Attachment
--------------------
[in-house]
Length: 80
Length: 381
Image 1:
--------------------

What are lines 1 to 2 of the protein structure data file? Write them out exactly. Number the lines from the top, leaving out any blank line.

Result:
[in-house]
Length: 80